Your genes seem like they are at war with each other. Very old ld people have genetic variations that protect them against other genetic variations they have.
August 24, 2007 – (BRONX, NY) – People who live to 100 or more are known to have just as many—and sometimes even more—harmful gene variants compared with younger people. Now, scientists at the Albert Einstein College of Medicine of Yeshiva University have discovered the secret behind this paradox: favorable “longevity” genes that protect very old people from the bad genes’ harmful effects. The novel method used by the researchers could lead to new drugs to protect against age-related diseases.
Next time someone marvels to you about the design of the human eye (which is really dumb if you look at the way nerves are routed to the light sensors called rods and cones) or other aspects of human anatomy keep in mind that you contain genetic variations that are bad for your health.
“We hypothesized that people living to 100 and beyond must be buffered by genes that interact with disease-causing genes to negate their effects,” says Dr. Aviv Bergman, a professor in the departments of pathology and neuroscience at Einstein and senior author of the study, which appears in the August 31 issue of PLoS Computational Biology.
A group of researchers are studying the genetics of some long-lived Ashkenazi Jews.
To test this hypothesis, Dr. Bergman and his colleagues examined individuals enrolled in Einstein’s Longevity Genes Project, initiated in 1998 to investigate longevity genes in a selected population: Ashkenazi (Eastern European) Jews. They are descended from a founder group of just 30,000 or so people. So they are relatively genetically homogenous, which simplifies the challenge of associating traits (in this case, age-related diseases and longevity) with the genes that determine them.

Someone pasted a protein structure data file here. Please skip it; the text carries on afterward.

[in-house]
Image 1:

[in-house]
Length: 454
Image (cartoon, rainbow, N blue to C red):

Participating in the study were 305 Ashkenazi Jews more than 95 years old and a control group of 408 unrelated Ashkenazi Jews. (Centenarians are so rare in human populations—only one in 10,000 people live to be 100—that “longevity” genes probably wouldn’t turn up in a typical control group. Longevity runs in families, so 430 children of centenarians were added to the control group to increase the number of favorable genes.)
The scale of their study was pretty limited. First, they only had 305 very old Ashkenazi Jews. Plus, they only looked at 66 genetic markers.
All participants were grouped into cohorts representing each decade of lifespan from the 50’s on up. Using DNA samples, the researchers determined the prevalence in each cohort of 66 genetic markers present in 36 genes associated with aging.
A far larger study with more centenarians and thousands of genetic markers tested would likely turn up many more genetic variations of interest. I repeat: We need a massive study of centenarian genetics that compares the entire genome of long lived and less long lived to find out which genetic variations boost life expectancy.
The researchers think they found a genetic variant of one gene, cholesteryl ester transfer protein (CETP), that protects against the genetic variant of another gene which codes for a lipoprotein, lipoprotein a (aka Lp(a)).
As expected, some disease-related gene variants were as prevalent or even more prevalent in the oldest cohorts of Ashkenazi Jews than in the younger ones. And as Dr. Bergman had predicted, genes associated with longevity also became more common in each succeeding cohort. “These results indicate that the frequency of deleterious genotypes may increase among people who live to extremely old ages because their protective genes allow these disease-related genes to accumulate,” says Dr. Bergman. The Einstein researchers were able to construct a network of gene interactions that contributes to the understanding of longevity. In particular, they found that the favorable variant of the gene CETP acts to buffer the harmful effects of the disease-causing gene Lp(a).
Elevated blood plasma Lp(a) is associated with increased risk of stroke and heart disease. That a CETP variant could reduce the risk posed by Lp(a) is not surprising. CETP variants appear to affect the size of LDL cholesterol particles and other research shows other influences that CETP has on apolipoprotein A1 concentrations.
We need much larger scale studies of centenarian gene expression and gene sequences to find genetic reasons why they live longer. We can use that knowledge to target genes for drug development. If genetic variations cause higher levels of expression of genes that turn out to allow us to live longer then we need to find out which genes those are and try to develop drugs that will turn up those genes. We also need drugs that will turn down the activity of genes that appear to accelerate aging.
The knowledge about which genes enable us to live longer only will allow us to slow the rate of aging. What we need even more are biotechnologies that let us reverse aging and rejuvenate the body. In particular, what I most want are stem cell therapies and tissue engineering technologies. Also, we need gene therapies and nanobots to use to repair the brain.
|Share |||Randall Parker, 2007 August 25 04:58 PM Aging Genetics|